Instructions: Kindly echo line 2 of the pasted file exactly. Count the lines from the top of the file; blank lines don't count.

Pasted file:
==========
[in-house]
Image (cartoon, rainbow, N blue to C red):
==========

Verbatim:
Image (cartoon, rainbow, N blue to C red):